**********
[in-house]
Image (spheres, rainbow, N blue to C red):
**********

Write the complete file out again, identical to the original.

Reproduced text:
[in-house]
Image (spheres, rainbow, N blue to C red):